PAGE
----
Thursday, June 18, 2009

Domestic Propaganda in World War I link to: Uncle Sam Wants You: World War I and the Making of the Modern American Citizen by Christopher Capozzola

In 1917 the United States government established the Committee on Public Information (CPI) to mobilize and sustain public opinion in favor of America’s war effort. Since that time, the historical treatment of American domestic propaganda efforts in World War I has evolved in three distinct phases, reflecting an evolution in thinking not only about the definition of propaganda but also about its impact on American life.

Christopher Capozzola, a scholar trained in the post-Cold War period, analyzes the past from a vantage point in which a “rights society”, diversity, and pluralism are the enshrined national norms. His book is compelling in that he shows us that such was not always the case.

The works of earlier historians bear out that American thought has undergone a significant change. In the 1940s, Lavine and Wechsler could write unblushingly “In the molding of public opinion, the miners and unskilled workers didn’t figure very decisively; ‘the Americans’ delivered the sermons and wrote the newspaper editorials.” Here was a top down driven society where historians wrote knowingly for a narrow and homogeneous elite. During the period 1950-1990s, we see the emergence of the voice of dissent, and increasing attention to previously excluded groups. The discourse revolves around the relationship of the individual to the state, with the balance shifting in the direction of historians giving the rights of individuals an increasing significance in relation to the needs of the state. The scholarship of this period clearly reflects the national security anxieties and domestic political battles of the Cold War.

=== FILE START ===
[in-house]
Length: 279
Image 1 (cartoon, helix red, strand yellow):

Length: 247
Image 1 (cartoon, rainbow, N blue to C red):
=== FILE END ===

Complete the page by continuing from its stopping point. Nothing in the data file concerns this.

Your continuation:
Interestingly, with the end of the Cold War, and the emergence of historians trained after the fall of the Soviet Union, scholarship concerning World War I launches forth in a new direction, leading one to speculate if historians are inevitably prisoners of the political era in which they live. If so, then no one book can ever do justice to a subject, and the history book/web product of the future must incorporate the viewpoints of all prior historical schools/phases in order to provide the most skillful and useful analytical tool.

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